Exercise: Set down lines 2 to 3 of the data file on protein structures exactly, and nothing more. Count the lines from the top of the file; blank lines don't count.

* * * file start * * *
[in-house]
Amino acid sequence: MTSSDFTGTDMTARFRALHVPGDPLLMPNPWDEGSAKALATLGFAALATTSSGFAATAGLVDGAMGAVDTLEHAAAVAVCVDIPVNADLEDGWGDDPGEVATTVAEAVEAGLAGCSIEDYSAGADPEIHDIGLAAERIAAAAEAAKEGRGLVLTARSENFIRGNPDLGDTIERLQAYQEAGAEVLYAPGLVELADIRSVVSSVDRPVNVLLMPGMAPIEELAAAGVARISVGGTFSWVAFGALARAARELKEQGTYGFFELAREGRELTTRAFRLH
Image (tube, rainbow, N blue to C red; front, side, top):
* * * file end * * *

Amino acid sequence: MTSSDFTGTDMTARFRALHVPGDPLLMPNPWDEGSAKALATLGFAALATTSSGFAATAGLVDGAMGAVDTLEHAAAVAVCVDIPVNADLEDGWGDDPGEVATTVAEAVEAGLAGCSIEDYSAGADPEIHDIGLAAERIAAAAEAAKEGRGLVLTARSENFIRGNPDLGDTIERLQAYQEAGAEVLYAPGLVELADIRSVVSSVDRPVNVLLMPGMAPIEELAAAGVARISVGGTFSWVAFGALARAARELKEQGTYGFFELAREGRELTTRAFRLH
Image (tube, rainbow, N blue to C red; front, side, top):